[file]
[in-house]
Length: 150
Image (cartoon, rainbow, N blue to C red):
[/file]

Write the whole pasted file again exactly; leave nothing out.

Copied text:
[in-house]
Length: 150
Image (cartoon, rainbow, N blue to C red):